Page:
in the Balance
When the Son of Adam returns, will he find the faith on the earth?” asks Yeshua. (Luke 18:8) Not just faith (there’s plenty of that, even if often misplaced), but “the faith”--that which was passed down to him from his physical and spiritual ancestors and which he too preserved and passed along with correctives that brought it back to its original focus. Does any of us see the truth the same way he saw it? If we are to call ourselves his followers and the Second Adam’s “progeny”, we must. Have we been faithful to pass THAT down to our descendants? Though we try, most of us have to admit we fall short.

Yes, truth is hanging in the balance. But notice the double entendre in the title: truth itself is often found in the very balance between extremes. And that may be just as big a problem, as we see increasing polarization and its consequent hatred everywhere.  

We who have come to realize that Israel is not just our spiritual heritage but is in our very genes get really excited about knowing where we fit and being a part of something so ancient and so purposeful. But a sad side effect of learning something so life-changing is it often leads us to “swing wide” and reject everything we’d learned about YHWH at earlier stages of our journey. You know, “Our fathers have inherited nothing but lies!”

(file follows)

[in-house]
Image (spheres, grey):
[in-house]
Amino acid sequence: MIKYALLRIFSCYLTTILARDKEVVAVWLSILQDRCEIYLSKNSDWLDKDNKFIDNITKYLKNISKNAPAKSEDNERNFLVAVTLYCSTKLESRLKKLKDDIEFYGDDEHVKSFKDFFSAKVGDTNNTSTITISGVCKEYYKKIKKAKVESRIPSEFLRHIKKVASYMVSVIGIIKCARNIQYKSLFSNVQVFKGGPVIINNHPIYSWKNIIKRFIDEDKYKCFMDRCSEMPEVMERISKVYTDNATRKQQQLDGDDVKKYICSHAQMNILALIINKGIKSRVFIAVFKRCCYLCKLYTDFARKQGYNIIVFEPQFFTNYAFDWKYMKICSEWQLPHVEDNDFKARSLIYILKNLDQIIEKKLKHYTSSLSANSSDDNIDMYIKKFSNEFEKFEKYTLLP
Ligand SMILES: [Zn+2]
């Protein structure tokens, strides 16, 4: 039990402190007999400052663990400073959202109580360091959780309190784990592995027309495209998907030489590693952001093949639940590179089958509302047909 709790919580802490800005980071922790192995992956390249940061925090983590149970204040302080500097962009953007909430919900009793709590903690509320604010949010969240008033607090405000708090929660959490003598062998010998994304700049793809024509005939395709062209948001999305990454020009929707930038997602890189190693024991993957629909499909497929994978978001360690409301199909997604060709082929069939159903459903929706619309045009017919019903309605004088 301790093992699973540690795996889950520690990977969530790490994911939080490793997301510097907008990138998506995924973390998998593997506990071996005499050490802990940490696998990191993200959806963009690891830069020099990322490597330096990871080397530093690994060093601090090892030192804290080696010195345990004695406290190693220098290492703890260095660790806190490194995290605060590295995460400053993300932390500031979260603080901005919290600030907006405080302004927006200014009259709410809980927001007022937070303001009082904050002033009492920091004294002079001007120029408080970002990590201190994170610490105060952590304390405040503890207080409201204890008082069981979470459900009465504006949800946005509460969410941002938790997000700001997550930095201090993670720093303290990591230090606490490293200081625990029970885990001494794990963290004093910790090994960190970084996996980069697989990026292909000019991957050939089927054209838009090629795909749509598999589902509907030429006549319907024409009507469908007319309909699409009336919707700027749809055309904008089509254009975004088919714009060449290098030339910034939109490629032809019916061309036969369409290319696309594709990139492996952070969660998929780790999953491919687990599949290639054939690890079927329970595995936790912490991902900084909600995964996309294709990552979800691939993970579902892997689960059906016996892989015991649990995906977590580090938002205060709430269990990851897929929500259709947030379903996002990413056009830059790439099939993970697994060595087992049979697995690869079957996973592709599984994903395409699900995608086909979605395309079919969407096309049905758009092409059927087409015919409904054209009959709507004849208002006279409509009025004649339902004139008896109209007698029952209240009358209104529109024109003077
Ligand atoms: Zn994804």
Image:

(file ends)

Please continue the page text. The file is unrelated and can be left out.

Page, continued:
But is that what Jeremiah 16:19 really says? Truth requires careful precision. The salient Hebrew word is “akh”, which is occasionally translatable as “nothing but…” (e.g., “only Noah remained”, Gen. 7:23, or “just this once”, Ex. 12:17), but there is a clearer way to say “only” in Hebrew (raq); this one can be ambiguous. More often, it’s just what it sounds like—an onomatopoeic exclamation of “Wow, have we ever been told some really huge…yes, lies!” That fits better with the rest of the facts, for we know at least some of the things our parents were taught, and taught us, were true and valuable.

Yet as we interact with those “fathers and mothers” whom we left behind to cleave to things Hebraic, it can turn very polemic. Some prove very cynical and, after learning one new thing, spout venom and ridicule at those who think the way they themselves thought only a short time before, saying, in effect, “I can’t learn anything from you; you need to learn from me!”  

But is that really what our relationship with YHWH is about? And is that how we want to treat those who nurtured us to the point where we were ready for the next step? Is that the way to repay them? Must we come at them in an adversarial way? That only puts most people on the defensive. Do we value our pet doctrines more highly than the other people Yeshua died to salvage? Do we reject everything a particular person (or denomination) says just because they disagree with us on one issue? Are we out to prove them wrong and ourselves right, or to genuinely help them understand a viewpoint that gives a fuller perspective?  

A friendlier and more realistic way would be to recognize that we can learn truth together, and we can both come closer to what the apostles called “the whole counsel of Elohim” (Acts 20:27). Our attitudes toward our fellow seekers of truth are more important than who is most right.